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DEVIL NOTES /SERIES REPORT / STANLEY CUP FINALSMIGHTY
DUCKS VS. NEW JERSEY

Now He'll Hate to See Series End

June 09, 2003|Jerry Crowe and Lisa Dillman | Times Staff Writers

EAST RUTHERFORD, N.J. — New Jersey Coach Pat Burns has finally spotted the one emotion he was searching for in the Stanley Cup finals.

A little bit of hate.

Well, maybe a lot of hate, if you consider the hit that Devil defenseman Scott Stevens put on the Ducks' Paul Kariya in Game 6 at the Arrowhead Pond.

This evolution has pleased Burns on the eve of Game 7 here.

"It's normal. That's why you have these long series," he said Sunday after the Devils returned home for tonight's Game 7. "And that's good. That's competition.

"You're almost hoping that it's going to happen. Now we've seen each other every second night since the start of the series, and now the hate begins, it began a couple of games ago. It's 'You this, you that.' "

The mutual dislike wasn't evident in the Western Conference finals because the Ducks tore through Minnesota so quickly, sweeping the Wild. After the first two games in New Jersey, it looked as though the Devils might do the same in the finals.

"If we had ended in four, you probably never would have saw it," Burns said.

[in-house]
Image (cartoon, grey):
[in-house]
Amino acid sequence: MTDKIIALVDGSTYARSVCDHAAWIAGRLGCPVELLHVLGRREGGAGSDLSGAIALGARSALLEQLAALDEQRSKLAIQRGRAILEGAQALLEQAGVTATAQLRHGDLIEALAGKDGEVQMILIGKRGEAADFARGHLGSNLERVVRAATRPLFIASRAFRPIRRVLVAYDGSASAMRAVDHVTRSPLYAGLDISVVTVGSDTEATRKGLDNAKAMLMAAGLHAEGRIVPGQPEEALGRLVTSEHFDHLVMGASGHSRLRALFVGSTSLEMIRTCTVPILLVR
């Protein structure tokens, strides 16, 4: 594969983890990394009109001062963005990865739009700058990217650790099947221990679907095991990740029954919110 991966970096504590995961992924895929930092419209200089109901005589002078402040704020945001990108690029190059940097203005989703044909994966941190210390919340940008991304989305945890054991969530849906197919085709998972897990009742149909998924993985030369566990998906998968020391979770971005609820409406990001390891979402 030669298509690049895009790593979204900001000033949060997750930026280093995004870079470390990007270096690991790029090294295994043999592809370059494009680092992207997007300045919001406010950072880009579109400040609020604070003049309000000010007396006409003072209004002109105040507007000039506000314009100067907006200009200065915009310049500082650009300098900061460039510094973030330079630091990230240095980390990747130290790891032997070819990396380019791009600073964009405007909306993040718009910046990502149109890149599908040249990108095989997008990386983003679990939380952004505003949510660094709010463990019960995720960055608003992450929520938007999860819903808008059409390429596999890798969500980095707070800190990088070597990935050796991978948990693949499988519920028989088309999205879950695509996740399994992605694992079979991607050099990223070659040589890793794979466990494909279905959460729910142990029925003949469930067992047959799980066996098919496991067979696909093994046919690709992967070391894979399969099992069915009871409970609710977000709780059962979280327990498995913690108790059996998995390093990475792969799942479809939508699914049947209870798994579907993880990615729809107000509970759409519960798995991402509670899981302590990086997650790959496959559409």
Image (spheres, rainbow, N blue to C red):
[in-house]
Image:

"But now you get into Game 5, well, and a guy remembers what he did in Game 3.

"So I think there's a little hate there. And that's good. That makes for good competition."

*

Goalie Martin Brodeur didn't hold back on his feelings for the conditions at the Arrowhead Pond.

"I'm definitely pretty happy we don't have to go back to that rink," he said.

"It just gets to you whenever they dump the puck, you have no clue what the puck's going to do. And now I know my boards, my glass, I know how to play my game a little more in my building than I did in [that] building.

"It could be the worst building I ever played in, and never realized it until you play it more than once."

He counted the ways.

"Shallow corners, bad glass, bad boards, bad ice," Brodeur said. "Hopefully the NHL are supervising the ice, but it's a big difference. But it's part of the game, it's for both teams, you can't complain about it."

*

Six times Brodeur has given up as many as five goals in a playoff game, as he did Saturday night in the Ducks' 5-2 victory in Game 6, and five times he has won the next game.

"He got blown out against Boston," teammate Turner Stevenson said of a 5-1 loss April 15 in Game 4 of a first-round series, "and played phenomenally in the next game," a 3-0, series-clinching victory two nights later.

*

Devil center Joe Nieuwendyk is not expected to play after he said he hasn't felt enough improvement in the hip-related injury he suffered during the Ottawa series. ... The Devils, 11-1 at home in the playoffs but only 4-7 on the road, would become the first team since the Philadelphia Flyers in 1974 to win the Cup with a losing road record.

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